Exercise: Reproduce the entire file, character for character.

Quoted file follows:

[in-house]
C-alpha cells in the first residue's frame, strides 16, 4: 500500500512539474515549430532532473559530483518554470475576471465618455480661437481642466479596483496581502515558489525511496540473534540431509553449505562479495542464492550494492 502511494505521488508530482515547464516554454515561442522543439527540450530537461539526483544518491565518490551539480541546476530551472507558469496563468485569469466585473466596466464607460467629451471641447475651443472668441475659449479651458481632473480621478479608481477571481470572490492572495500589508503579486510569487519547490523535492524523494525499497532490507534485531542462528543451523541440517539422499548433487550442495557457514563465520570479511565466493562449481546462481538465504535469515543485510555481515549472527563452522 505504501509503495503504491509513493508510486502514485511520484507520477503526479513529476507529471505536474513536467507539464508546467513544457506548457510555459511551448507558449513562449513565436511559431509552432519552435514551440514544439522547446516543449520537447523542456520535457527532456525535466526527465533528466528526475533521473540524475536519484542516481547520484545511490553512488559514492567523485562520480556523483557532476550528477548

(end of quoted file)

[in-house]
C-alpha cells in the first residue's frame, strides 16, 4: 500500500512539474515549430532532473559530483518554470475576471465618455480661437481642466479596483496581502515558489525511496540473534540431509553449505562479495542464492550494492 502511494505521488508530482515547464516554454515561442522543439527540450530537461539526483544518491565518490551539480541546476530551472507558469496563468485569469466585473466596466464607460467629451471641447475651443472668441475659449479651458481632473480621478479608481477571481470572490492572495500589508503579486510569487519547490523535492524523494525499497532490507534485531542462528543451523541440517539422499548433487550442495557457514563465520570479511565466493562449481546462481538465504535469515543485510555481515549472527563452522 505504501509503495503504491509513493508510486502514485511520484507520477503526479513529476507529471505536474513536467507539464508546467513544457506548457510555459511551448507558449513562449513565436511559431509552432519552435514551440514544439522547446516543449520537447523542456520535457527532456525535466526527465533528466528526475533521473540524475536519484542516481547520484545511490553512488559514492567523485562520480556523483557532476550528477548